Science fiction is a genre that blends authors' imaginative creations with scientific ideas, theories, predictions, and conjectures. It's also a genre of literature that's been behind the scenes of many inventions we use today. In fact, some of these technological advancements weren't even invented until after they were first written down.
The lines around what qualifies as sci-fi get a bit blurry, and some of the technology described in older works can still be seen in modern life. For example, Edgar Allan Poe wrote stories that were loosely classified as science fiction, such as The Balloon Hoax of 1844. But if you look at some of the most popular sci-fi books and films, they are often filled with technological speculation that doesn't always seem to match up with what is actually happening in the world today.
Inventions that are based on scientific principles include the atom bomb and rocketships. These are called hard science fiction and are typically based on actual scientific facts and discoveries (Harris-Faine). Soft science fiction is more of an artistic and philosophical genre and often takes place in an imagined future, or dystopia, that offers a contrast to the current state of society. This type of sci-fi can offer a variety of social commentary, and depict themes such as resistance to totalitarian regimes or survival in a post-apocalyptic world (Harris-Faine).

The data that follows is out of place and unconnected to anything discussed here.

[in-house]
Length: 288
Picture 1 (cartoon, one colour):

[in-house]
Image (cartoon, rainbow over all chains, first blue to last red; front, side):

Some famous examples of soft sci-fi are tablet computers, chess playing robots and speech recognition. For instance, Ray Bradbury's 1953 novel Fahrenheit 451 included a reference to earphones that looked like "little shells." In the book, people slip them into their ears and hear an electronic ocean of sound. This prediction was a precursor to the invention of Bluetooth earbuds, which were developed in 1992.